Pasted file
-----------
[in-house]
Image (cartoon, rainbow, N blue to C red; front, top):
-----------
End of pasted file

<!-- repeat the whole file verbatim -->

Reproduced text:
[in-house]
Image (cartoon, rainbow, N blue to C red; front, top):